1. Shutterstock 1099824407

    New York Bans Flavored E-Cigarettes

    With vaping increasingly blamed for respiratory illnesses and even deaths, Gov. Andrew Cuomo declared an emergency executive action Sunday prohibiting the sale of most flavored e-cigarettes. The ban targets manufacturers Cuomo says are “intentionally and recklessly targeting young people” with fruit and candy flavors. Undercover operations will also make sure retailers comply with the minimum age to purchase nicotine products, which will increase from 18 to 21 in November.

    What’s going on elsewhere? The Trump administration is pursuing a nationwide ban on flavored e-cigarettes, while the American Lung Association criticized Cuomo’s decision to exempt menthol-flavored products from the prohibition.

  2. facebook libra shutterstock 1429149551

    Central Banks to Grill Facebook Over Cryptocurrency Plans

    Executives representing Libra, the social network’s proposed “stablecoin” cryptocurrency, are expected to sit down with officials from 26 central banks today in Switzerland. Bankers are seeking information on the currency’s “scope and design,” while Facebook says it welcomes the chance to demonstrate how the new system could democratize banking.

    What should the tech giant expect? Besides tough questions, it could also face certain demands, given calls from Germany and France to block Libra in the European Union altogether.

    Read this OZY op-ed about why countries are saying no to Libra.

  3. twitter shutterstock 1088850443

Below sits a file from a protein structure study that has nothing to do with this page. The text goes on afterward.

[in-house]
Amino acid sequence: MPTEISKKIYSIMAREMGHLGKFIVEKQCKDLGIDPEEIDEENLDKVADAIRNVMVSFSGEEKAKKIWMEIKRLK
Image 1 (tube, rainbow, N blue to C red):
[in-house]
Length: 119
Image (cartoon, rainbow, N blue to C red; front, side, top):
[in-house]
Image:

Who’s Behind the Taliban’s Twitter Propaganda?

    Zabihullah Mujahid is one of the most important cogs in the Taliban’s propaganda machine — but it’s not even clear if he’s real, OZY reports. Mujahid, who claims to be a dad in his 40s, says he’s on the ground in Afghanistan, where the militant group has vowed to make President Trump “regret” canceling peace talks. But he’s been geotagged in Pakistan, and sometimes even Ohio, making analysts suspect his online presence is actually a team of Taliban operatives in a media center in Pakistan.

    Why the shady identity? Experts say it’s a strategy employed by the Taliban since the 1980s, aimed at fostering a sense of legitimacy by communicating with Western journalists.

  4. ric ocasek

    New Wave Icon Ric Ocasek Dead at 75

    The Cars singer and guitarist died at home in his Manhattan townhouse Sunday, though the cause of death has not yet been released. Ocasek co-founded the legendary band, whose 1978 debut album featured hits such as Just What I Needed, My Best Friend’s Girl and Good Times Roll. The Baltimore native is survived by six sons, including two from his almost 30-year marriage to supermodel Paulina Porizkova.

    What’s his legacy? Inducted into the Rock & Roll Hall of Fame in 2018, The Cars were described as “hook-savvy with the perfect combo of new wave and classic rock” — which is why Ocasek remains a towering influence in music.

    Don’t miss this OZY piece on Greenland’s first rock stars.

  5. nflshutterstock 205708939

    Report: Antonio Brown’s Accuser to Meet With NFL

    Britney Taylor, the ex-trainer who’s suing the New England Patriots wide receiver, will reportedly meet with league investigators today over her claims that Brown assaulted and raped her. Other sources say Brown, who suited up last night, rejected a settlement worth more than $2 million. NFL commissioner Roger Goodell could place him on the exempt list if investigators find Taylor’s allegations to be persuasive.

    What does being “exempt” mean? While Brown would sit out of games and team practices, he’d still be paid his salary in full — but would miss a crucial opportunity to leave a mark on the team.